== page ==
(From The Ticker, 21 September 1936, page 6)

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A Group of Seniors
Lexicon, 1935

Caricature

Caricature of a Co-ed
Lexicon, 1939

To help the incoming first-year female students navigate the School of Business and Civic Administration, the Girls’ Club formed the Big Sister committee. One of the female veterans of 17 Lex described what new students should expect class life to be like in diary form, entries of which were published in the pages of The Ticker:

Friday, April 27, 1934: English class—Ruthie and Bern doing a crossword puzzle. Professor embarrasses Ruth by calling on her right in the middle of the puzzle. Jackie asks me out again—had to refuse. Ruth is giving Bernice a ginger-wave. Jack has taken his monthly shave, thereby removing the three hairs on his chin. Helen has a mirror in front of her book and is very absorbed; Ruthie reading table of contents of text hurriedly to find out which poem we’ve been reading for the last half-hour because it sounds dirty. She gives up and goes back to the newspaper, poem not sufficiently dirty. I refused Jackie’s request to buy him a ticket to a show.

This hour is positively murderous: I feel as if I’ve been sitting here for two weeks and only thirty-five minutes have gone by. The class is discussing hogs. How that topic ever came up in an English literature course I don’t know. It seems the U.S. has the most pigs—we would.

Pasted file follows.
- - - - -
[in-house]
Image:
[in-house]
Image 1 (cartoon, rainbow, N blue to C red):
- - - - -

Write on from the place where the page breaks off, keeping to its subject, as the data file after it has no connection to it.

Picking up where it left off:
(From “The Co-ed Speaks,” by Sylvia Elfenbein, The Ticker, 21 September 1936, page 3)

Miscellaneous6

Caricature of a Co-ed
Lexicon, 1939

Another diary entry from the same issue of The Ticker ran as follows:

Wednesday, May 2: Eco class—Jean has brought her manicuring kit along and is busy using it right under the teacher’s nose. Some people have all the luck: Ruth cut class today, and teacher forgot to take the attendance. But if I had cut, he probably would have given a mid-term or something. Ros and I are in the back playing cards. I lost a game of solitaire, and Ros beat me at casino—it must be the system. Professor has just returned last week’s exam papers. Bern and I handed in the exact same papers with all the information coming from my notes. But Bern is a good-looking frill, so she gets an A and I get an F. Oh! Am I dejected.

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Delta Epsilon Beta
Lexicon, 1943

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Student Council
Lexicon, 1944

In Happy Conclusion: The New Majority

After 1936 women remained permanently on campus (as would be expected, they became a majority during the World War II years). In the decades since the 1930s, women have become thoroughly integrated into the cultural, social, and educational life of Baruch College. And consistent with trends nationwide, in 2012, they represented a slight majority of the total enrollment, 51.3 percent.

—Alex Gelfand (’04)

Coming Soon: The Prequel
“The Feisty First Co-eds of Baruch” tells the history of the first female business students at 17 Lex during the years 1930 through 1933.